Alienation in of Mice and Men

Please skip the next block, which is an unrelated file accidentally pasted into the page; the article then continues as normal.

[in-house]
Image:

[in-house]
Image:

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Alienation in Of Mice and Men The Great Depression was a period of economic crisis, a time where outcasts were commonly alienated. Business was poor and many people were out of work. The terrible drought that ruined so many farms and the Stock Market Crash were some of the first events to trigger the Great Depression. The industrial production and construction was halted, and there was a steep decline in prices. The Great Depression began October 29, 1929 and lasted until the early 1940s. It was worldwide, but some countries were more severely affected, like the United States and Germany. World War II ended the Great Depression, because the people that went off to war left vacant spaces for the people with no work to fill in. After the Great Depression, alienation was not as common although still present. Alienation is complete isolation without close companionship. It is caused by being so set apart or disliked by others around them. Alienation presents itself in various forms: having no friends, meaning no social life, big age difference with those around a person, living alone, exclusion from activites, being mean in a group of kind people, and much more. The type of people most alienated were the ones with mental or physical disorders. They were outcasts in society back then, but not as much these days. Why were the alienated people alienated? Skin Wang 2 color, outer appearance, personality, and disorders were all factors. Everything was judged. Alienation appears later on in Of Mice and Men. It is one of the major themes Steinbeck wants to get across to the audience. All characters depicted different levels of alienation. It was and still is common, but was more recognized in the past. Steinbeck portrays the theme of alienation through Curley’s wife, Crooks, and Candy. Curley’s wife is an alienated character in Of Mice and Men because she is the only
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